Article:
You can usually choose your fund. There are two main types of funds – industry funds that return profits to members and retail funds run by financial institutions such as banks for a profit. Industry funds have historically out-performed retail funds on average, but there are good and bad in both categories. You don’t have to work in an industry to join the applicable industry fund – there’s nothing to stop a waiter joining Local Government Super, for example.

I wrote recently about a child actor who found all his super was eaten away by fees and insurance premiums. Judging by the response, this is a very common problem, not just for kids but anyone who earns a low or sporadic income. If this is you, look for a low-fee fund. When the balance is low, minimising fixed fees is more important than the investment returns. SuperRatings has a list of the top 10 funds with the lowest fees.

Second, choose the right investment option. When you’re young, you should probably be in a growth fund. It’s higher risk but over the long term should deliver higher returns. If you’ve got decades to go before you retire, you can usually afford the risk.

Third, consolidate your accounts. Otherwise you could be paying multiple sets of fees and insurance premiums. There’s a good guide to how to do this on ASIC’s MoneySmart website.

Fourth, review your insurance needs. By default you have life insurance, which pays out on death and also total and permanent disablement (TPD), and sometimes income protection insurance. You can opt out but think carefully before you do. If you have dependants (usually children) or liabilities (such as a mortgage), then life insurance is important. In some cases you’ll want to increase your cover.

Fifth, consider making a small personal contribution. That’s if you’re not madly saving for a house or trying to pay off a mortgage. Behavioural economists know that people adjust to their take-home salary – so if you can force yourself to save before you even get the money, you probably won’t even notice it. Your 20s and 30s are a great time to contribute to super, because of the magic of compound interest. Time is your greatest asset when investing, and superannuation is the most tax-effective way to invest.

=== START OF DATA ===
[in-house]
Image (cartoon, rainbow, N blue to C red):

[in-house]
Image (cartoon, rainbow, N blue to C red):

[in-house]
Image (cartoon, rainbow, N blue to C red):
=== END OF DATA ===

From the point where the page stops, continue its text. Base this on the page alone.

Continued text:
You can contribute through salary sacrifice if it’s offered by your employer. But there’s also a new law that means you can do it yourself and claim a tax deduction at the end of the year. You can set up a direct debit so the money drips into your super account frequently, or even use tools such as the Acorns app to sweep digital “spare change” into your super account. By contrast, many employers only deposit super every three months … if at all (unpaid super entitlements are a big problem in ). The downside is that you don’t get the tax deduction until the end of the year – but if you like getting a tax refund, then you might consider that a benefit.

Sixth, make sure your binding death benefit nomination is up to date – that is, letting your fund know who should get your money if you die.

Seventh … nope, that’s job done, actually. Forget about it for a while. Make a date to spend an hour or two reviewing it in a year’s time, or maybe two.

Don’t get sucked into fiddling around with your investment options constantly. You pay transaction costs every time you buy and sell and you’re probably not as good at it as you think. If you could time the market, you’d have made a motza from share trading and be retired already. If you want to try, do it with your “play money” not your super.

This also means you shouldn’t worry about whether your fund has a great app or mobile experience. There are new disruptors that make this a selling point, but it’s more important that the investment returns are good and fees are low.

Don’t buy into the fearmongering about how much you need in retirement. Some very smart people think the super industry’s definition of a “comfortable” retirement is inflated. The super industry, naturally, disagrees. I reckon there’s plenty of fat in it, but take a look for yourself.

The average young person will have a lifetime of compulsory super of at least 9.5 per cent of your salary and this is slated to rise to 12 per cent. If you’re aged under 54 now, you can’t get to your super until you’re at least 60 and you can bet they’ll put the age up before you get there.

If you think you might need money to buy a home or any other important purpose before you’re allowed access to your super, then keep your money outside the system – or use the new first home super saving scheme. You can invest outside of super and earn similar returns – it’s not as tax effective, but that’s the price of freedom.

Caitlin Fitzsimmons is the editor of Money. Find her on Facebook or Twitter.